FIFTY THOUSAND MOONS
Wednesday, October 9, 2013
Posted by el duque at 8:09 AM
As Hal spoke, the Cardinals, Tigers, As and Rays - franchises that win year after year on far less than the Yankees spend - were still playing baseball. Some teams know how to build. The Yankees don't. Ah, but I'm just saying what everybody already knows, eh? Sorry about that.
Yesterday, The Hal Mary stressed that he's having second thoughts about cutting payroll to that infamous $189 million figure - you know, the budget number that drove all the team's decisions last winter. It was the reason we passed on Russell Martin: No multi-year deals. (Although Hal gave one to Ichiro anyway; we can discuss that for the next 12 happy months.) It's the reason we signed Kevin Youkilis: He took a one-year. It's the reason we traded for Vernon Wells: The Angels pay his salary next year. It's the reason we settled on Travis Hafner: One year. Brennan Bosch. Ben Francisco. One year deals.
We sacrificed 2013 to get within striking distance of a $189 million budget - and now the owner says he's not committed to it..
Well, isn't that nice?
So, now we're going to run out and sign free agents to five-year deals? Because the pickings this winter are slim. Or will we bundle up our few young prospects - who right now are at their lowest market value - and trade for a new Grandyman? Smart teams - see above - deal their Grandersons before they decline in value. Stupid teams - see here - trade for stars whose best days are behind them.
OK, hypocrisy check: For the last 11 months, I've taken batting practice on the Steinbrothers by defining their $189 million budget target in terms of new boathouses for their servants. I believed it was ridiculous to run the New York Yankees like a soup kitchen. The team lost fans, YES viewers and the Big Apple zeitgeist - which it's had for nearly two decades, thanks to the hapless Mets. But there was logic to reaching $189 million: The team could escape those astronomical luxury taxes established by Commissar Bud Zelig. If you viewed 2013 as sort of a rebuilding year - frankly, we didn't rebuild much - you could almost rationalize the cuts. But now, having done it, we're throwing the plan overboard?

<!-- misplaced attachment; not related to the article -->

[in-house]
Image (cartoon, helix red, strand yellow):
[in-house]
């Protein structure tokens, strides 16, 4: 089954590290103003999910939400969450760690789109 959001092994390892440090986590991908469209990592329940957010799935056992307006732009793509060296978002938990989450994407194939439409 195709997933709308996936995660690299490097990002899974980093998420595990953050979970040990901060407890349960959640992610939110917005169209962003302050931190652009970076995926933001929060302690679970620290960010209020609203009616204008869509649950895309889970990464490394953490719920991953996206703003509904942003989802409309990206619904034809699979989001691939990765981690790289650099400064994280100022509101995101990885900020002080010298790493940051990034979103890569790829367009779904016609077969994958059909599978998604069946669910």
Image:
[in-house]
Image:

Listen: The Yankees need young players. It's that simple. We can't buy our way out of old age. Help must come from the system. This year, our best prospects tanked - every one. But we have no choice other than stick with them, buy young international talent, and wait for some kids to emerge. They are 20 and 21. Somebody will turn it around. That's what prospects do. If we trade a bunch for Rick Rhoden, we could be in the dregs for six to 10 years. We will watch the Yankee brand become a punch line. We may be approaching an event threshold for collapse. It's happened in the past. Three years of Eric Bedard will not save us.
One last thing: The reason the Yankees stayed in the Wild Card race until the last week of the season was not a heroic, plucky bunch of players. It was the dilution of talent in a system that lets lame teams chase one more empty slot.
The fact is, the Rangers, Rays, Orioles and Indians in the last month took turns falling apart. On Sept. 13, the Yankees were totally in the Wild Card race. All they had to do was win some games. Over the next 12, they went 3 and 9. Three and nine. They won the final three games against Houston - and who the hell cared? If Hal is so proud of his team for fighting - well - one got thrown out at 2B because he stood and watched a fly ball at home plate, thinking it was a home run, and another, in a must-game situation, was jogging out grounders to first, because that's his signature style of play. Pride of the Yankees? Not this year. Ah - dammit, once again, I'm only telling you what you already know. Sorry.